CPAP therapy can provide major benefits for some patients but it is not for everyone. Most sleep experts will recommend further attempts of a different type of positive airway pressure therapy for patients who don’t like CPAP. A variety of masks and pressure delivery approaches are available so patients are encouraged to try various devices before giving up. Education and support can also be helpful in getting people used to using the CPAP machine. Sometimes psychologists or respiratory therapists can be helpful in getting you get used to the equipment and being able to sleep with the equipment on. CPAP can be uncomfortable when you are not used to it, but is not invasive, so many patients do well if they stick with it over time.

Are there alternative therapies for OSA?

There are alternative treatments for OSA beyond CPAP that can be helpful for some people (For more information see ATS Patient Information Series piece “Alternative Therapies” at www.thoracic.org/patients).

■ Oral appliances are made by dentists and can be useful to pull the jaw forward and help to prevent collapse at the back of the throat. Some people prefer oral appliances to CPAP although in most studies CPAP is more effective at controlling OSA.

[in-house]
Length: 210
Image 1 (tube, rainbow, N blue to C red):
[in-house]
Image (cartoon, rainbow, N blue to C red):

■ Surgery can be performed on the upper airway, but the improvements in OSA vary from person to person. Some studies show elimination of OSA in highly selected patients who undergo major operations on the throat, whereas other patients have no major change in their OSA particularly following minor surgical procedures. One type of surgery for sleep apnea is the uvulopalatopharyngoplasty (UPPP) which involves cutting the soft palate at the back of the throat. Not everyone will benefit from this surgery. Researchers are still trying to figure out which patients respond best to this procedure.